A steward manages other people’s property, or assets. Bill said that everything we own is God’s and we are just stewards of the gifts, and blessings bestowed upon us. What is the benefit of understanding that “stuff” is just loaned to us?
Comment on this statement: “What ever we own owns you”.
Read 1 Corinthians 4:2. What does Paul means when he says a steward is to be faithful?
What is the definition of Glory?
The Westminster Shorter Catechism says “the chief end of man is to glorify God and enjoy him forever”
How can we develop the practice of giving God glory in everything?
Before going to prayer, ask yourself there four questions:
Does God really want me to serve?
Are the things I own, my talents, my time and energy really his?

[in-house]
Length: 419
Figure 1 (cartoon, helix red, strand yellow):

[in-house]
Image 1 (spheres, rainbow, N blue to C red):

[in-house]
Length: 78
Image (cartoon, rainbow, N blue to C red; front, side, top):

Do I really live for his gloryz?
What kind of Church would TRF be if I actually practiced these things?
1 Peter 4:8-11
In the midst of two sections where Peter talks to a suffering church, he pauses in verses 8-11 to talk about how the body of Christ is to function in times of suffering and trials
What we learned?
Peter is calling Christians to live very different lives than the world around them. 6 key words describe how believers should relate to each other— especially in times of trial and suffering:
This week the discussion will focus on the the first three words that describe how the church should operate in times of suffering and difficulty. Next week, the discussion will be around the last three.
1) In verse 8, Peter commands his readers to love one another. How important is this command?